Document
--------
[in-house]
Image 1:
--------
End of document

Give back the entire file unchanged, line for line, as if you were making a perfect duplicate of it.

[in-house]
Image 1: